Do Vaccines Cause Autism?

do vaccines cause autism


Many parents today are convinced that vaccines for children, such as MMR (measles, mumps and rubella vaccine), are an irrefutable cause of autism. The origin of this theory goes back to  February 1998. That’s more than 25 years ago! Since then, a lot has happened. Today, we will investigate and establish a timeline of events that will help parents and other readers determine whether vaccines cause autism.


The Lancet, Andrew Wakefield and His Major “Breakthrough”

The Lancet is a prestigious peer-reviewed medical journal founded in 1823. The journal has one of the highest impact factors. The Lancet is published weekly. There are more than 10,000 volumes over the two centuries of its existence. A February 1998 volume published, “Ileal-lymphoid-nodular hyperplasia, non-specific colitis, and pervasive developmental disorder in children.” The research paper received wide publicity. Andrew Wakefield and twelve others published this paper.


The paper claimed that families of 8 out of 12 children blamed the MMR vaccine for their autism and reported that children began showing symptoms of autism within days of receiving the shot. The research paper also suggested a link between the MMR vaccine, a novel form of bowel disease and autism. The study was based on twelve children with autism. The paper postulated that the vaccine might predispose children to behavioural regression and pervasive developmental disorder. The authors also proposed the existence of “autistic enterocolitis” – a new syndrome.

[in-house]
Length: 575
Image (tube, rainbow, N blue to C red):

The Aftermath of the Research Paper


mmr vaccine autism link


Wakefield’s paper generated mass media attention and triggered widespread fear across the globe over the MMR vaccine. Panic-stricken parents besieged medical professionals about vaccine safety. Following the paper’s publication, by 2003, only 78.9% of British 2-year-olds were being vaccinated. This was well below the required rate of 95% to protect the population. Subsequently, there was an outbreak of measles. Fear spread across the globe at an alarming rate¹.


The paper also caused waves in research and medical fraternity. Several researchers began their epidemiological studies: Taylor et al, 1999, DeStefano & Chen, 1999. The Lancet published both. These two studies and other research elsewhere failed to establish whether or not MMR vaccines cause autism. Andrew Wakefield criticized the research by Taylor et al. in 1999, accusing them of ignoring rules and calling their methods weak², which is ironic because of the events that unfolded in subsequent years.